• tim851 - Thursday, February 13, 2014 - link

    A silent PC was a challenge in 2005 or so. You had to mad, tinker, experiment.
    Nowadays CPUs and GPUs idle in single watts, good PSUs are semi-passive and half a terabyte of solid state storage are affordable.
  • Jeffrey Bosboom - Thursday, February 13, 2014 - link

    When taking exterior case shots, please include another object so we can get a sense of scale. Reply
  • Sushisamurai - Friday, February 14, 2014 - link

    I vote for a coke can Reply
  • redmist77 - Friday, February 14, 2014 - link

    Great suggestion! Reply
  • E.Fyll - Friday, February 14, 2014 - link

    That sounds like a good idea. Coke can it is, I suppose. Its size is universal. :) Reply
  • Slash3 - Friday, February 14, 2014 - link

    Everyone knows that the standard measurement of scale is a banana...
  • c4v3man - Thursday, February 13, 2014 - link

    I have a Deep Silence 2 case, and while it's a decent case, it's not perfect. On the Deep Silence 2 at least, the air chimney at the top stays open well enough, but I would prefer a reassuring "click" at the top. The hard drive bays (of which there are many) are designed in such a way that they block a lot of airflow... I would prefer a more skeleton-ized design, to let the air move through. And finally, while the doors have a satisfying heft to them, they use a latching system similar to cheap cases today, and of a decade ago. When spending this much of a case, I want the doors to go on with zero hassle. They're not the worst I've ever used, but certainly not the best design. Reply
  • c4v3man - Thursday, February 13, 2014 - link

    One other thing to note, on the white case at least, the difference between the white plastic and the white painted steel is noticeable... not terrible, but when it sits on your desk awhile, you'll notice it. Reply
  • codylee - Thursday, February 13, 2014 - link

    Huge. The picture with the full ATX board looking like it's a mITX board made me double-take. I'm looking forward to a review of the DS4 (a case I could actually pick up and move if need be). Reply
  • The_Assimilator - Friday, February 14, 2014 - link

    Whoever copy edited this article (or didn't) did an atrocious job. First page, "four different cooling fans series" and "where the only option as to import their products" and it only goes downhill from there.

    Get your s**t together, AnandTech.
  • dawp - Friday, February 14, 2014 - link

    Nanoxia is a bit older than two years, I have some of their FX 1250 fans I've had for longer than you say the company's been around.

    maybe you should say they've been making cases for 2 years.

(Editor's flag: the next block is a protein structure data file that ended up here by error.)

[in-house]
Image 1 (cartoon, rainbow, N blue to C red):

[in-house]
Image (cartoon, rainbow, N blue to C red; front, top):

• Aslan7 - Saturday, February 15, 2014 - link

    E. Fylladitakis Would you please do temperature testing with the chimney closed? I'd trade cooling performance for the quiet. I prefer computers to run as quietly as possible and thus run as few fans as possible.

    One of my computers has a power supply fan and CPU fan and that's it the 7950 GTX with a stock oc is passively cooled. The second computer which is a current build has a core i7 3770K at 4.3GHZ 4 hard disks and a graphics card there's an intake fan on the hard disks, a single fan on the CPU, the cooler had two I removed 1, a fan on the GPU, and the power supply fan. All the fans are running slow, everything is temperature controlled, so nothing to worry about.
  • Haravikk - Monday, February 24, 2014 - link

    It's an interesting case, but the noise levels are pretty disappointing for a case of this name. I now swear by Prolimatech Ultra Sleek Vortex 14's for both CPU coolers and case-fans; 15mm thick 140mm fans that fit 120mm fan mounts, but they are very quiet for the amount of air they push. Not quite as silent as I'd like, but a fan mechanical noise can be cancelled with a layer of acoustic foam on the inside of your case, particularly the side panel on the main access side.

    But yeah, there are definitely things that could be done to make this case a lot quieter, and which you could probably do to a more typical non "Silence" case with pretty much the same effect. The only feature that really stands out to me is the disk trays with rubber spacers, but then you can get these in many other cases too, or you can get a case with tons of 5.25" bays and install your own noise cancelation there, though of course it's more expensive that way.

Log in

Don't have an account? Sign up now